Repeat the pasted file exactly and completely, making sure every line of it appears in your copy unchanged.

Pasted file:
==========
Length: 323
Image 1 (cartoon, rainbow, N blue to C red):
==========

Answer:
Length: 323
Image 1 (cartoon, rainbow, N blue to C red):